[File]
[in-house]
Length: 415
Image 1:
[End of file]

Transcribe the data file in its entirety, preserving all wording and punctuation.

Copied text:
[in-house]
Length: 415
Image 1: